Fed looks to keep recovery on track with return to higher interest rates
THE Federal Reserve is watching job creation, but investors will be better off keeping a wary eye on profits and bond yields.
Yields have risen in the past two months, while corporate profits may be on the slide – both of which should undercut job growth and exercise a powerful influence over the Fed's next move.
While the evidence from the first week of corporate profit reporting season is mixed, profits and margins look to have weakened in the second quarter as companies struggle with lower spending by governments and a difficult environment of falling inflation.
At the same time, evidence of an improving jobs picture, as well as dovish statements (now partly taken back) from the Fed have convinced markets that they are on a path towards 'normal' interest rates. In other words, higher rates.
Benchmark 10-year Treasury yields rose by more than a percentage point from early May to early July, topping out above 2.7pc.
That move, in and of itself, is bad news for both the US and the global economy, as is shown by Fed chairman Ben Bernanke's efforts to partly row back on remarks which convinced investors he'd soon begin scaling back the central bank's purchases of bonds. Rates rocketed higher in May after Mr Bernanke's remarks convinced many that relatively encouraging jobs figures were setting the stage for a tapering of bond purchases as soon as September.
"Our conclusion is that these yields are unsustainable and, if they last long enough, will sow the seeds of their own destruction by weakening (and possibility terminating) the domestic and global expansions," economist David Levy, of the Jerome Levy Forecasting Centre writes in a note to clients.
Mr Levy argues, convincingly, that higher yields, if sustained, would hurt the domestic economy in at least three ways.
First, by crimping the recovery in housing, as higher mortgage rates are felt and the marginal buyer turns away from purchases. Second, rising yields will cap stock markets' gains, which in turn may encourage higher savings rates.
Higher savings, while a good idea and much needed in the long term, will slow growth now. Finally, higher yields will hurt exports, both by hitting growth in emerging markets and by driving the dollar higher, making US products less attractive.
Other than a view on future Fed policy, why does the market believe market rates will rise over the coming year? Much stock is given to what has been genuinely encouraging jobs figures, which have been on an unmistakably upward slope in recent months. With the Fed having placed a strong emphasis on achieving a 6.5pc unemployment rate, as against 7.6pc today, before it raises rates, it is easy to conflate job growth today with rising rates tomorrow.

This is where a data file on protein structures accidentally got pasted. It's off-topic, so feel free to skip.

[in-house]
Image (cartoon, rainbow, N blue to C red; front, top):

There is a tendency too to see jobs growth as self-sustaining; still, job creation follows GDP growth – which itself tracks profits. With profits moderating it becomes hard to see the jobs recovery as self-sustaining. That's especially true given the frankly bizarre behaviour of corporations during the most recent recovery in profits, which took them to nosebleed territory.
Basic economic theory holds that companies, which on the whole like to make more money, invest in new production when their margins and profits are high. That simply didn't happen this time round, which is perhaps why job growth only really became solid once housing began to bubble again.
There is disagreement about why companies failed to invest when times were good. Some believe it's because they recognise and fear the vulnerability of households and governments with shaky balance sheets.
Others, notably economist Andrew Smithers, argue that piratical executives have hijacked companies and won't invest because they know that they will soon jump ship.
Either way, if companies didn't invest as profits and margins rose, it is very hard to see them doing it as they fall.
To be sure, profits so far this reporting season have been mixed – with banks such as JP Morgan, Wells Fargo and Citigroup providing bright spots.
David Levy uses a metaphor his economist father was fond of, that an economy in transition is like a train rounding a bend: the wagon can still be going one direction while the engine is already going another.
It is unclear whether we are in transition but profits are usually the engine and, this time particularly, interest rates will help to decide how fast the train goes. Based on the last two months, that is not faster. (Reuters)